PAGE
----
About 60,000 Fairphones have been manufactured to date. The steering committee of the NT100 noted that despite the niche market for the Fairphone, “it is incredibly valuable, with great potential to influence bigger players in the field.”

2. Sarvajal

In the same way that automated teller machines (ATMs) dispense money, the Sarvajal initiative aims to provide clean water to marginalized communities in India’s rural areas, slums, low-income schools and hospitals through water ATMs, or AWMs.

These energy efficient machines combine sophisticated hardware and software to dispense potable water to communities around the clock for as little as US$3 per household per month. The initiative also fosters local entrepreneurship through a franchise model where individuals can profit from operating and maintaining AWMs.

Sarvajal has delivered more than 8.8 billion litres of clean drinking water to its target communities to date. The NT100 2013 steering committee praised the initiative’s “eloquent use of technology to underwrite a social business model that meets one of our most basic human needs”.

3. Digital Green

Digital Green promotes sustainable agriculture across South Asia and Sub-Saharan Africa by using videos and internet sharing to develop community-led solutions to threats to rural livelihoods, such as climate change and poverty.

Local volunteers identify farmers whose practices have helped them achieve higher crop yields and create short videos documenting these strategies. The videos are then screened on battery-operated projectors to farmers from the entire village. These discussions are facilitated by community mediators.

Through these sessions, participants are able to develop practices that increase community resilience in a locally focused and cost-effective way. Furthermore, the process of producing and sharing these videos is powered by a data management framework designed to allow people to upload videos despite irregular internet connectivity.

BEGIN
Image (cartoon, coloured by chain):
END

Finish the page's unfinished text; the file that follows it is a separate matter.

Digital Green has produced 2,800 videos in 20 languages so far, which are publicly available on the project website. It has reached 330,000 farmers across India and Africa, and plans to raise this figure to 1 million by 2015.

4. Pavegen

Pavegen

Participants at Singapore’s Earth Hour 2013 celebrations party on a dancefloor paved with Pavegen tiles. Photo: Pavegen.

Pavegen, an initiative that makes tiles which are fitted with technology that converts the kinetic energy of footsteps to electricity, was seen as a “particularly intelligent” effort by the NT100 steering committee.

The energy harvested by the tiles can power nearby pedestrian lighting or advertising signage, or also be stored in a battery. Pavegen tiles have already been incorporated into the urban infrastructure of cities such as London, New York and Saint Omer in France. The tiles also made an appearance in Singapore during Earth Hour 2013, where they were used to tile a dance floor. As event-goers danced, the kinetic energy of their footsteps was used to power an on-site screening of a film about the campaign.